If you look carefully at the poll, you will notice that this beautiful infographic may be misleading (like every other visualization). Many young adults have accounts on Facebook and Google +. Why? They opened an account because their friends were there, or because it was a great way to communicate with others. But having an account doesn’t mean that they are really active. In other words, we are confusing ‘subscriptions’ with ‘real activity’. This infographic doesn’t show us what are the usage patterns of young adults; It doesn’t show how many inactive accounts Facebook has; it doesn’t shoe how many people use Google+ just because they want to use hangout, which Google+ has combined together.
Our first book ‘Going Viral‘ has just been published by Polity. What is the book about? We live in a world where a tweet can be instantly retweeted and read by millions around the world in minutes, where a video forwarded to friends can destroy a political career in hours or a cause for a […]
I presented a paper with Manuel Castells in the 13th annual meeting of AOIR (Association of Internet Researchers) from a study we are conducting regarding networked social movements. In April we presented some of the findings at the USC Annenberg School for the ANN-SONIC Fourth International Seminar. You can watch the video by clicking here, or you can read below for further explanation about the work and the dynamics of power among stakeholders.
On February 2010 a bunch of network scholars (including me) convened in a workshop in USC (the Annenberg School) to talk about Network Theory. The strength of the workshop was in its ability to bring interdisciplinary perspectives about network theory to one table. The videos, powerpoints and reports of each one of the talks is available on the ANN (Annenberg Networks Network) website.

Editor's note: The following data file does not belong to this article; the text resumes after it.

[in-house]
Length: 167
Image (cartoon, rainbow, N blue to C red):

As a result, the IJoC (International Journal of Communication) dedicated a volume to network theory.
Here are the slides from the talk to Google that our retroV group (Information Virality) gave. This project got the Google researc award and it was great to be able to present some of our findings to Google.
This presentation is based on two academic papers
Hawaii International Conference on System Sciences (HICSS-45) January 4-7, 2012 – Maui Papers due June 15, 2011 Additional information about the minitrack and papers presented in previous years may be found at the website of the social networking and communities minitrack. General information about the conference may be found at the HICSS primary website. Mini-Track […]
This page gathers all the papers presented in the Social Networking and Communities minitrack in HICSS. This minitrack focuses primarily on social networks and their interrelations with communities, both online and offline, in the context work, learning, social and/or personal life.
This week research conversation featured Kathy Gill who talks about Twitter and its integration in the classroom context, but her talk went into lessons learned from usage of Twitter by people and specifically by politicians. Gill’s motivation to research Twitter is derived from attempt to understand how technology impact society. While looking at the presentation […]
One of the hottest topics currently under investigation is in the area of virality and campaigns, or the role of the Internet in political campaigns. Here are several articles from a conference titled “You Tube and the 2008 Election Cycle in the United States” – Bob Boynton Going Viral Kevin Wallsten “‘Yes We Can’: How […]
Cultured Technology is an article that presents a theoretical framework to understand the relationship between religious fundamentalist communities and the Internet, through addressing four dimensions of tensions and challenges: hierarchy, patriarchy, discipline, and seclusion. Together with Prof. Gad Barzilai, we develop the concept of cultured technology, and analyzed the ways communities reshape technology and […]